Review: Children of the Stones - The Bright Day Is Gone (2006) 1


artist: Chil­dren of the Stones
release: The Bright Day is Gone
format: CD-R
year of release: 2006
label: Deser­ted Vil­lage
dur­a­tion: 39:55

detailed info: dis​cogs​.com

If there ever was a hot­bed of cre­ativ­ity, it’s def­in­itely the people around United Bible Stud­ies in Ire­land. Besides numer­ous release from the col­lect­ive itself, we’ve also seen a lot of great stuff by David Colohan’s Agit­ated Radio Pilot, to name just one of many related pro­jects. Chil­dren of the Stones is another such pro­ject, which is in a way like the oth­ers, but also has an approach of its own. The music and name of the pro­ject, by the way, are a dir­ect ref­er­ence to the 1970’s Brit­ish magical real­ist children’s series of the same name (see Wiki­pe­dia). Instru­ment­als are mixed with piano songs, but also cold ambi­ent pas­sages, and that makes for a unique album.

I’m not sure exactly which mem­bers are involved in this pro­ject, but I pre­sume United Bible Stud­iesGavin Prior is among them, and David Colo­han surely is, because he lends his vocals to this album. Opener “Here Lives the Moon” is a rel­at­ively warm track, per­haps most like United Bible Stud­ies than any other track, and the begin­ning is decept­ive. If you’re expect­ing more of the same freefolk warmth, you’re mis­taken. “The Pale Stars Alone (Over a Quiet Earth)” intro­duces David’s vocals over piano and harp­si­chord in a mel­an­cholic song, sparse and cold in its atmo­sphere. “Sparks of Frost” is instru­mental, but con­tin­ues a bit of the glit­ter­ing night­time atmo­sphere. “Day is Done” is indeed a Nick Drake cover, but instead of warm gui­tar, we get chilly synths and faint elec­tronic beats in a very moody ver­sion indeed. “Where Amongst the Ruins” and “Poor Scott” are two final piano songs with great lyr­ics and sad atmo­sphere, even vaguely remind­ing me of Cur­rent 93’s Soft Black Stars. Then we’re halfway, length­wise, and we enter into yet another new musical ter­rit­ory. “Fog on the Womb Road” is a sub­lime, ice-cold ambi­ent track, based solely on synth choirs. This one sends shivers down my spine. “The Interior Left Empty” takes us deeper into dark­ness, with twelve minutes of min­im­al­ist ambi­ence, based on thin waves, high-pitched synth wails, and spooky sound effects. Only at the very end of the album does the dark­ness retreat before the warmer tones of the rising sun, in the solace of a guitar-based instru­mental.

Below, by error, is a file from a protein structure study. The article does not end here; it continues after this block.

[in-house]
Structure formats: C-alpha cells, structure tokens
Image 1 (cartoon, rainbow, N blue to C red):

What can I say? The out­put of these Irish­men is not only impress­ive in terms of quant­ity, but the qual­ity is cer­tainly there as well. This album could be a bit bet­ter in terms of per­form­ance and sound here and there, but it is ori­ginal and excit­ing through and through. 2006 turned out to be not only the year of two excel­lent Agit­ated Radio Pilot and United Bible Stud­ies albums, but also of this little gem. Recom­men­ded to any fan of Deser­ted Vil­lage mater­ial, as well as those inter­ested in ori­ginal mix­tures of song, acous­tics and ambi­ent.

Reviewed by O.S.

Track­list:

1. Here Lives the Moon (4:21)
2. The Pale Stars Alone (Over a Quiet Earth) (2:03)
3. Sparks of Frost (2:21)
4. Day is Done (2:58)
5. Where Amongst the Ruins (2:04)
6. Poor Scott (4:04)
7. Fog on the Womb Road (7:10)
8. The Interior Left Empty (12:30)
9. Here Lives the Sun (2:24)

  • Anonym­ous

    High qual­ity down­load for free on the Deser­ted Vil­lage band­camp: http://​deser​ted​vil​lage​.band​camp​.com/​a​l​b​u​m​/​t​h​e​-​b​r​i​g​h​t​-​d​a​y​-​i​s​-​g​one